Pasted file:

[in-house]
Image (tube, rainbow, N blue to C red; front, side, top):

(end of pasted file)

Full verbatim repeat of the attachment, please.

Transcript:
[in-house]
Image (tube, rainbow, N blue to C red; front, side, top):